Although we work harder in life when we believe we’re the master of our fate, if we don’t acknowledge the role of luck, we’re bound to be either heartbroken over our perceived failures, or insensitive to the misfortune of others. While raising two sons alone as a divorced mother, I attended a couple of high school reunions and wondered what I’d done wrong. My former classmates … Continue reading The Role of Chance and Luck in Life
Amidst an ongoing struggle to protect myself from poisonous news in a world gone insane, I accidentally stumbled on the calming effects of learning Japanese. I had no desire to learn Japanese. Although it could come in handy since my son and daughter-in-law are fluent in it, when I had tried to learn it in the past I’d found it tedious, frustrating and too hard. So I … Continue reading The Unexpected Stress Relief of Japanese
A friend wanted to talk to me about the dire state of American politics, specifically the terrible foreboding he had about the man who will be our next president. “Oh, that’s right,” my friend, Joe (not his real name), said. “You’re not following the news.” “If you want to talk to me,” I said, “I don’t mind hearing the important stuff second-hand. But for now, … Continue reading How Much Should we Give for our Country?
If our personalities are always changing throughout life, then how can we ever make decisions for our future? How can we possibly choose a career that’s right for us many years from now? How can we promise to love someone always? How long should we wait around for someone to change, when they promise us they will? When I was divorced many years ago I … Continue reading Promises
Tricia, an old friend of mine, said something that started me thinking. Her parents had been married for 40 years when her mother died. When her father fell in love again and remarried a couple of years later, Tricia was happy for him, but felt uneasy. “I’ve always believed in heaven,” she said. “It meant that my father and mother would be united there for … Continue reading Who is the Real You?
A character in the novel Today Will be Different, by Maria Semple, said about psychotherapy: Change is the goal. Insight is the booby prize. It reminded me of what I tell people when they ask, “Why isn’t my wife romantic?” or “Why is my sister always mean to me?” or “Why can’t my husband stop demanding that the house be spotless?” Will answering these questions make … Continue reading Insight is the Booby Prize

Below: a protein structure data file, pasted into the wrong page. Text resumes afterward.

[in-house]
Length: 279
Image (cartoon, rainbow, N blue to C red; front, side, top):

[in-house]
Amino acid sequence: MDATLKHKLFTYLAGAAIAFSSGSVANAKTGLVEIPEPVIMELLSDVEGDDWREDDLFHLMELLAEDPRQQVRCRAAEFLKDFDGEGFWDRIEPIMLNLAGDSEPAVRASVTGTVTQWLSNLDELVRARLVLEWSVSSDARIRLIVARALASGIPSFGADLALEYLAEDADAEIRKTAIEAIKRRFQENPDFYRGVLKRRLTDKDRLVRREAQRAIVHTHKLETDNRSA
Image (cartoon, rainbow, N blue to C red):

After two wonderful back-to-back vacations, I returned home with a severe chest cold. I stopped writing for over a month. Although I began to recover from my cold, I became wracked with doubt over restarting my writing habit again. Questions tortured me. Why am I writing in the first place? Who cares about what I have to say? How can I possibly contribute anything important … Continue reading Comfort in Unexpected Places
I spent my entire education, including high school, university, and graduate school, as the quietest student in history. In 4th grade I stopped ever raising my hand, and did not once answer a question for the next 20 years in any classroom. But I longed to speak in public. Years ago, I was introduced to the non-profit organization, Toastmasters International, where I met the kindest group … Continue reading Are You a Natural?
I adored my mother’s father. Grandpa was poor, money-wise, but rich with his gifts. They weren’t board games, dolls, or pretty dresses, which I had plenty of. His gifts cost almost nothing. A walnut in a shell became a ball to toss across a room and a missile to knock down a pyramid of playing cards. Grandpa taught me to play cat’s cradle with the string … Continue reading Gifts from Grandpa
As a psychotherapist, people entrust me with their most private thoughts, feelings, and experiences. I hold that trust as sacred. Not because of strict confidentiality laws (which I uphold), but because I regard the safety and protection of these people as my highest priority. So where do my stories come from? First, when I tell a story about someone other than myself, either in a lecture to a group … Continue reading Privacy and Stories